Most people remember Aug. 28, 1963 as the day Martin Luther King Jr. delivered his famous “I Have a Dream” speech during the March on Washington. What most people don’t remember is that the exact title of the event was the “March on Washington for Jobs and Freedom.”
48 years ago, a coalition of civil rights, labor and religious organizations came together to bring their call for racial equality and jobs to the nation’s capital.
48 years after the event, a memorial honoring Dr. King has been built. While the formal dedication had to be delayed because of weather, the weather cannot deter what we need to do now.
While our country has made remarkable strides on the “freedom” part of the 1963 march in terms of racial equality for African-Americans, we continue to struggle on the “jobs” front. But this time there is no Dr. King to deliver a rousing speech. As a country, we need to remember his words that day and the actions of the hundreds of thousands of people to rouse our political leaders from their slumber.
The other night, as I drove by the memorial trying to get a better glimpse, I was struck to think that we live in a day and age where one side of the aisle in Congress refuses to let the wealthy pay their fair share in taxes, while the poor and working class bear the heaviest load. An age where, when right minded people ask to let lavish tax cuts for the super rich expire, one party calls it a tax increase and sends our leaders running for the hills. Shrinking from a courageous and simple solution, rather than doing what is just and fair to restore balance to how we give back to the economy of this great country we all enjoy.
An age where even the slightest attempt to bring balance back to the way we pay our fair share to ensure an economy that takes care of all of us, is couched as the greatest of sins in a recession. Yet when much more modest tax breaks for the poor and working class are set expire, suddenly it is expedient governing to look the other way and let the working class shoulder more of the burden of a faultering economy that has forsaken them.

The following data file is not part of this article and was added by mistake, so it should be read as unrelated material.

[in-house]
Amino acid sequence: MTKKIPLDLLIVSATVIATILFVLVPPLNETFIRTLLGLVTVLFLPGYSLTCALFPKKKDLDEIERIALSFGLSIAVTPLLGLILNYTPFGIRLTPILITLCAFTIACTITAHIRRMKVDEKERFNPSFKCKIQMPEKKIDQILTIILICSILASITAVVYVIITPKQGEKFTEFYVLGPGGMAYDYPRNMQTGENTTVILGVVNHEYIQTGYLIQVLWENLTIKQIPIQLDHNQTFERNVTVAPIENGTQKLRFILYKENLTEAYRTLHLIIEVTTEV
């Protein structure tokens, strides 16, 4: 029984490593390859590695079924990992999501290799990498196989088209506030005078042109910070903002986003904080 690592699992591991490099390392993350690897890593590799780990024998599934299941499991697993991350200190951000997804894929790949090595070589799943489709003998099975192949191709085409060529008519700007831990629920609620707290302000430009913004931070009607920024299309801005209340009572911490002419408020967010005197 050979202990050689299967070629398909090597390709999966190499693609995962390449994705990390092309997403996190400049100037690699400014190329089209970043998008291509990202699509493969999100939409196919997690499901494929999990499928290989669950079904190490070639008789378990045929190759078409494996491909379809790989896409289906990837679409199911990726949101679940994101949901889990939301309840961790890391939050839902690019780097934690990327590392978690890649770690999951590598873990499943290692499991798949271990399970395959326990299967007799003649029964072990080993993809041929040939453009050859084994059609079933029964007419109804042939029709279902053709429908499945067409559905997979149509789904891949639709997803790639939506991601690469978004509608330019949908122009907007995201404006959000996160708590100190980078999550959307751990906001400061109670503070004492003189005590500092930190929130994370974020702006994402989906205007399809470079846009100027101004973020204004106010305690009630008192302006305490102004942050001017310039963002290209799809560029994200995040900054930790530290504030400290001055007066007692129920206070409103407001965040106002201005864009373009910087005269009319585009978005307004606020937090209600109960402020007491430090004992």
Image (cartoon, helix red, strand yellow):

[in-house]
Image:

And where is the dignity in that? Where is the equality that this nation was built on, and that Dr. King was talking about back in 1963? Where he stood before the nation, proclaiming that he refused “to believe that the bank of justice is bankrupt.” Where he called to the conscience of a nation that believes in fairness and equality as a central tenet of democracy, by reminding us that America had “defaulted on this promissory note.” Where he challenged us to be courageous in honoring what is most central to that democracy saying that, “we refuse to believe that there are insufficient funds in the great vaults of opportunity in this nation.”
Our nation is not broken. What is broken is the courage and the will of our lawmakers to restore the balance of dignity and equality that is necessary to bring us out of this recession, and restore the promise of an American Dream that is accessible to everyone.
President Obama and Congress need to remember that dream, and not fail America by refusing to take the courageous steps necessary to restore its promise. Our leaders must go back and listen to Dr. King’s remarks, and be mindful that what he and thousands of others marched for that day are still very important issues we owe it to everyone in this nation to resolve.
Marvin Randolph is the Deputy Executive Director of Campaign for Community Change, of which Change Nation is a project.